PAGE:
The Vancouver hockey tournament is the fourth for which the NHL has halted its season so players could represent their homelands. Players' participation in the Games is determined through collective bargaining, and the current labor agreement expires in September, 2011, before the Sochi Games.
Bettman said the NHL believes enough in the potential value of Olympic exposure that it has disrupted its season for an event in which it makes no money, doesn't determine the TV schedule -- which minimizes its chances for prime-time coverage in Games held many time zones away in Russia -- and has no control over $2.1 billion worth of players.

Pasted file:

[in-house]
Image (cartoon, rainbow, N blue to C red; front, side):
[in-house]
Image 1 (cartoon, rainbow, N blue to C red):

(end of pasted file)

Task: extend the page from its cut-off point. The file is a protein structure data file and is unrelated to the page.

"You have to look at the impact on our season," he said, adding that NHL teams have played 80 games more under this season's Olympic-compacted schedule than they had at the same point during 2008-09. "There are a lot of decisions yet to be made."
Fasel contended that accelerating hockey's growth should outweigh business concerns. "For our game, this tournament is the pinnacle in our history," he said.
Asked also about the lack of depth in the women's tournament, Fasel rejected suggestions that the field should be trimmed. The women's game is growing, he said, though slowly in many countries.
"The women will come. Don't worry," he said.